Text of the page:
Visiting the Havasu falls grand canyon was one of the strongest points of our trip along the West Coast of the United States. For some of us, it was a dream, almost an obsession, to get to this hidden place located in Arizona, very close to the Grand Canyon of Colorado.
The drawbacks were many: great walk for children, difficult to get a reservation, get tents, very high temperatures at the end of June, high price … But the illusion and the desire to visit this wonderful place managed to overcome all the Negative points and we managed to spend 2 nights in paradise! Keep reading: KAYAKING IN CAPE TOWN BETWEEN DOLPHINS AND WHALES
Location of Havasu falls grand canyon
The Havasu Falls are located in the middle of the Indian Reservation of the Havasupai, in the state of Arizona. In the reserve, there is only an urban center called Supai. Supai is a small town of about 200 inhabitants according to the last census. It has all the basic services so that the indigenous population can live: medical center, school, supermarket, bar … even a church.
In the center of the town there is some coverage both telephone and internet (there is free WIFI in this area), but in the other sites, as in the campground or in the waterfalls Havasu Falls there is no.
There are no roads to reach Supai, so the only options available are a route on foot or horse through stone and sand roads of 13km or use the helicopter. The last place accessible by car is Hualapai Hilltop, which we will discuss in the next point.
Hualapai Hilltop is a parking lot where the route to Supai begins with it is famous Havasu falls grand canyon. The road ends in this parking lot where there are no services. There is only one booth in the tourist office of the Havasupai where you give your name to check that the reservation is in order (you can not enter Havasupai lands without having permission). In this cabin, you can also leave luggage to be transported to Supai or the Havasupai Campground on mules or helicopters. We will see the prices later. There is also a kind of heliport and stables for horses.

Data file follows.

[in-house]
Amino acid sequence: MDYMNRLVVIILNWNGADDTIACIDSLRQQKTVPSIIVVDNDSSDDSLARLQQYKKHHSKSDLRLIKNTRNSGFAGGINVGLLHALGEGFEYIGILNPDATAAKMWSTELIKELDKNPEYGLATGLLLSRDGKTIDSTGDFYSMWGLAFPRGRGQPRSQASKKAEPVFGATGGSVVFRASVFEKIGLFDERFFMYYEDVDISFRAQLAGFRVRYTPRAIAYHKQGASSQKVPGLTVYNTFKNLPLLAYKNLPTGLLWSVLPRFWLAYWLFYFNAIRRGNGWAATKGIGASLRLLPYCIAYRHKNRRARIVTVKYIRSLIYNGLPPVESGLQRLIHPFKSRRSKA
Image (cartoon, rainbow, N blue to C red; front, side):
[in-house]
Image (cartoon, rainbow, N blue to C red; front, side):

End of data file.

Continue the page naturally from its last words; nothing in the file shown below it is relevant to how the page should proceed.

Everything else is spaces to be able to leave the vehicles. In the final area of the road there are car parks where only cars or small vans enter. To park the motorhome you have to get away a little and park it on the side of the road. We were lucky and found a place quite close, 5 minutes from the trailhead, because it is not easy to park a 10-meter RV.
Before arriving at the parking lot in Hualapai Hilltop there is a place in the ditch to park the motorhomes.
To get to Hualapai Hilltop you have to take the Indian Road 18 which leaves the historic Route 66 between the towns of Kingman and Seligman. They are about 100km that are covered in little more than 1h in which there are no services. From the Grand Canyon Village there are about 300km (3h 30m) and from Las Vegas something more: 350km (4h).
The reservation system was rudimentary. Reservations could only be made by telephone. Hotel reservations were made 1 year in advance (almost impossible to get), and the campground began on February 1 of each year. The first days were crazy and the phones were saturated. If you were lucky enough to make a reservation they sent you home a letter with the reservation information, how to get there, etc.